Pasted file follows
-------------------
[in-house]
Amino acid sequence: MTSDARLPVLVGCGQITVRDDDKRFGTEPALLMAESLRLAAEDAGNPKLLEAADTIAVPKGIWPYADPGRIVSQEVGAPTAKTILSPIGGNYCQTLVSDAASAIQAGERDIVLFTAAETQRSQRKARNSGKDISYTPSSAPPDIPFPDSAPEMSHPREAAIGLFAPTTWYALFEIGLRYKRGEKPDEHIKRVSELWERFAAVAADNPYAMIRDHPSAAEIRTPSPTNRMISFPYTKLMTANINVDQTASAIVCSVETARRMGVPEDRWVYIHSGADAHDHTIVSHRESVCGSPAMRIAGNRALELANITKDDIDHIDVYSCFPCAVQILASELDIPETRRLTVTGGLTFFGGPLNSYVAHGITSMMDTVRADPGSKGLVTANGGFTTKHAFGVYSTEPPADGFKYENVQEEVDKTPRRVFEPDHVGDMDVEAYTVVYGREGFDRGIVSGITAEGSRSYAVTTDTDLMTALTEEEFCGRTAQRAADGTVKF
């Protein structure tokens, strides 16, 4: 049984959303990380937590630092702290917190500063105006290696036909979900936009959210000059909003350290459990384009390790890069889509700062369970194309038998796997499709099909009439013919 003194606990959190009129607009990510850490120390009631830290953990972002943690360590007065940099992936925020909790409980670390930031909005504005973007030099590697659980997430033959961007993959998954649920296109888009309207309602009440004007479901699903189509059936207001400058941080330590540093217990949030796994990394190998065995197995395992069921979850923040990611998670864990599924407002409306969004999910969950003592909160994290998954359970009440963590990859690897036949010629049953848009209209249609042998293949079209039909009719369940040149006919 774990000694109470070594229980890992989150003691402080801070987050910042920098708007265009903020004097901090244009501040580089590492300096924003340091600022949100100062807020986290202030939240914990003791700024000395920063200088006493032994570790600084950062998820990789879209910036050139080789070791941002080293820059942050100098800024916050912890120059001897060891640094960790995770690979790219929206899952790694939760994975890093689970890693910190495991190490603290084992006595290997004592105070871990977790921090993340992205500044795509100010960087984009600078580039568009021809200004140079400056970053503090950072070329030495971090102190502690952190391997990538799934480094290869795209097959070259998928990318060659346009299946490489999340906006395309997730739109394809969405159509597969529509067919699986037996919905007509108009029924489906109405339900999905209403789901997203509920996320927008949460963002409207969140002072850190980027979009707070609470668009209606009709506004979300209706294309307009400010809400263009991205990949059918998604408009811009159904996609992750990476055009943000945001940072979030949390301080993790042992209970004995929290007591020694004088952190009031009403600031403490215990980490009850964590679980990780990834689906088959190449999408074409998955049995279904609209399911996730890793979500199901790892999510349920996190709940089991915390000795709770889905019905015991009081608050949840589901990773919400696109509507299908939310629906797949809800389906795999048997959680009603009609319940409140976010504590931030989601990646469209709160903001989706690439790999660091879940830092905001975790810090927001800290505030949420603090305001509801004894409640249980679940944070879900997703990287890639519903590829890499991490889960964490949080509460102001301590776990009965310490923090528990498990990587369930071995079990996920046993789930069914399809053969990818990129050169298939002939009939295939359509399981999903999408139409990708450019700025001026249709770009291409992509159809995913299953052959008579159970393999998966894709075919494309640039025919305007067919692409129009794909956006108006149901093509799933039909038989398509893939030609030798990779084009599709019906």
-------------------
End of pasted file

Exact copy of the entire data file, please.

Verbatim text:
[in-house]
Amino acid sequence: MTSDARLPVLVGCGQITVRDDDKRFGTEPALLMAESLRLAAEDAGNPKLLEAADTIAVPKGIWPYADPGRIVSQEVGAPTAKTILSPIGGNYCQTLVSDAASAIQAGERDIVLFTAAETQRSQRKARNSGKDISYTPSSAPPDIPFPDSAPEMSHPREAAIGLFAPTTWYALFEIGLRYKRGEKPDEHIKRVSELWERFAAVAADNPYAMIRDHPSAAEIRTPSPTNRMISFPYTKLMTANINVDQTASAIVCSVETARRMGVPEDRWVYIHSGADAHDHTIVSHRESVCGSPAMRIAGNRALELANITKDDIDHIDVYSCFPCAVQILASELDIPETRRLTVTGGLTFFGGPLNSYVAHGITSMMDTVRADPGSKGLVTANGGFTTKHAFGVYSTEPPADGFKYENVQEEVDKTPRRVFEPDHVGDMDVEAYTVVYGREGFDRGIVSGITAEGSRSYAVTTDTDLMTALTEEEFCGRTAQRAADGTVKF
């Protein structure tokens, strides 16, 4: 049984959303990380937590630092702290917190500063105006290696036909979900936009959210000059909003350290459990384009390790890069889509700062369970194309038998796997499709099909009439013919 003194606990959190009129607009990510850490120390009631830290953990972002943690360590007065940099992936925020909790409980670390930031909005504005973007030099590697659980997430033959961007993959998954649920296109888009309207309602009440004007479901699903189509059936207001400058941080330590540093217990949030796994990394190998065995197995395992069921979850923040990611998670864990599924407002409306969004999910969950003592909160994290998954359970009440963590990859690897036949010629049953848009209209249609042998293949079209039909009719369940040149006919 774990000694109470070594229980890992989150003691402080801070987050910042920098708007265009903020004097901090244009501040580089590492300096924003340091600022949100100062807020986290202030939240914990003791700024000395920063200088006493032994570790600084950062998820990789879209910036050139080789070791941002080293820059942050100098800024916050912890120059001897060891640094960790995770690979790219929206899952790694939760994975890093689970890693910190495991190490603290084992006595290997004592105070871990977790921090993340992205500044795509100010960087984009600078580039568009021809200004140079400056970053503090950072070329030495971090102190502690952190391997990538799934480094290869795209097959070259998928990318060659346009299946490489999340906006395309997730739109394809969405159509597969529509067919699986037996919905007509108009029924489906109405339900999905209403789901997203509920996320927008949460963002409207969140002072850190980027979009707070609470668009209606009709506004979300209706294309307009400010809400263009991205990949059918998604408009811009159904996609992750990476055009943000945001940072979030949390301080993790042992209970004995929290007591020694004088952190009031009403600031403490215990980490009850964590679980990780990834689906088959190449999408074409998955049995279904609209399911996730890793979500199901790892999510349920996190709940089991915390000795709770889905019905015991009081608050949840589901990773919400696109509507299908939310629906797949809800389906795999048997959680009603009609319940409140976010504590931030989601990646469209709160903001989706690439790999660091879940830092905001975790810090927001800290505030949420603090305001509801004894409640249980679940944070879900997703990287890639519903590829890499991490889960964490949080509460102001301590776990009965310490923090528990498990990587369930071995079990996920046993789930069914399809053969990818990129050169298939002939009939295939359509399981999903999408139409990708450019700025001026249709770009291409992509159809995913299953052959008579159970393999998966894709075919494309640039025919305007067919692409129009794909956006108006149901093509799933039909038989398509893939030609030798990779084009599709019906």